ACCC commissioner Stephen Ridgeway said at the time that it had the “strongest competition concerns” over New Forests’ bid, but the Sydney-headquartered asset manager withdrew its bid after the watchdog expressed its concerns.
In a statement today, Ridgeway said the Global Forest bid had also raised “some preliminary competition concerns,” but only in north-eastern Tasmania. Having considered further information from market participants, the ACCC decided that the acquisition is “unlikely to substantially lessen competition.”
“We had concerns the Global Forest Partners acquisition could impact the viability of competing exporters of hardwood plantation chips in north-eastern Tasmania, which had the potential to lower prices paid to private growers of plantation logs,” Ridgeway said.
“After further investigation, we found that there is likely to be enough supply of chipping logs from private growers to provide a third export operator with sufficient volumes to attract international buyers. We also found that the volumes of private plantation logs for sale should increase over the next couple of years, giving competing buyers even more scope to increase their volumes.”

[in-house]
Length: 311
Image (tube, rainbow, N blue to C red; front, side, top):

Resource Management Service is selling its hardwood plantations in Tasmania and its one-third stake in wood chip marketing and export business, the Plantation Export Group, through a competitive tender process.
RMS had not responded to a request for comment at the time of publication.
Global Forest Partners already owns hardwood plantations and wood-chipping mills in the state, and exports wood chips through its own facilities. The ACCC decision comes with no conditions on divestment of existing or new assets.
New Forests is currently the largest operator of hardwood plantations in Tasmania and funds controlled by it own wood-chipping mills in the Burnie area of north-west Tasmania and at Long Reach, north-east Tasmania. It also has its own wood-chip marketing and export business, and manages funds which own softwood plantations and a timber mill.